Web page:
For most people, a home is the most expensive purchase and biggest investment they ever make. It’s obvious that buyers of newly built homes are interested in warranties. These builder warranties promise to repair or replace certain elements of the home, within a certain time frame. When considering a builder, it’s important to understand what is covered under the warranty, how to make a warranty claim, and the process for resolving disputes that may arise between you and the builder in the future.
Many home warranties are backed by the builder. Some home owners purchase additional coverage on their own from third-party warranty companies, such as Home Shield, to supplement the coverage their builder provides.
Warranties for newly built homes generally offer limited coverage on workmanship and materials relating to various components of the home, such as drywall settling cracks, insulation/ventilation, HVAC, plumbing, and electrical systems. Warranties also typically define how repairs will be made and how to submit your claim.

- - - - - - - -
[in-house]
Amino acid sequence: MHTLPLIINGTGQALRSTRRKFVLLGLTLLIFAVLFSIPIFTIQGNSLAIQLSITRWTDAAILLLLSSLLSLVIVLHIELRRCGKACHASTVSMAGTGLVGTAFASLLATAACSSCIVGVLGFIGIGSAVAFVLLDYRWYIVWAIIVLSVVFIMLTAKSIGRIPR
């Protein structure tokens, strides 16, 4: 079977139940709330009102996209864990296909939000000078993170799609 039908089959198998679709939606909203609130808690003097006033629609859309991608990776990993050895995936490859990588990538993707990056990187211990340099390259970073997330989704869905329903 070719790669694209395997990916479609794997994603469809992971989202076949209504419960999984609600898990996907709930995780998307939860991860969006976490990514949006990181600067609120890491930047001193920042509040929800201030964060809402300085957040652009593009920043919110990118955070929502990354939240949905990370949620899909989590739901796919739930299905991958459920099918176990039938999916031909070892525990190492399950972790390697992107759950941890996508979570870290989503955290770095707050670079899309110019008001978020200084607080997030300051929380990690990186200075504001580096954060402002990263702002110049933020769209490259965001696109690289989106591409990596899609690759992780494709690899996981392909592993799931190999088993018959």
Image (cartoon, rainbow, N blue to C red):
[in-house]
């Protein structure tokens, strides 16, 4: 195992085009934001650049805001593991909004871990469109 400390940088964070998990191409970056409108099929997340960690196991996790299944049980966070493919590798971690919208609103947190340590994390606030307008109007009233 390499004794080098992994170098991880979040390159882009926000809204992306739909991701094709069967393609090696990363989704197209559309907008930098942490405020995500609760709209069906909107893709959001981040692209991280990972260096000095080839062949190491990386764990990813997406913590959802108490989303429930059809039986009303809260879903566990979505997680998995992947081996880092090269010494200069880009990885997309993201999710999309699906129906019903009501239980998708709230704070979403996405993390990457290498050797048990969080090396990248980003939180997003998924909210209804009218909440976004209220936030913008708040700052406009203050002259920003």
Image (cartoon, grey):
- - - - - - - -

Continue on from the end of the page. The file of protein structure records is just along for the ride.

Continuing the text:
The duration of coverage varies depending on the component of the house. Coverage is provided for workmanship and materials on most components during the first year after close. Most builder warranties on new construction, cover exterior siding, doors, trim, cabinets, drywall and paint during the first year, as long as it was not damaged. Coverage for HVAC, plumbing, and electrical systems is generally two years after close. The longest and most important warranty is the structural aspect of the home, and this is normally covered for the first 10 years after the home was completed.
Cost to You
Most warranties for newly built homes, do not cover expenses an owner may receive as a consequence of a major construction defect and repair. A good example would be the cost of having to move out of your home while repairs are being made. Although this is a result of negligence on the builder, its difficult to have the builder do more than make the repairs and get out of your hair.